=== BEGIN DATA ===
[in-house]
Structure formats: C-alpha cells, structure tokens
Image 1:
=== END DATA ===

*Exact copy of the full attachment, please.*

[in-house]
Structure formats: C-alpha cells, structure tokens
Image 1: